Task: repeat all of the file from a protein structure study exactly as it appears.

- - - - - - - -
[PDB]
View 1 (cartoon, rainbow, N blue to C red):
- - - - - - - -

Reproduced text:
[PDB]
View 1 (cartoon, rainbow, N blue to C red):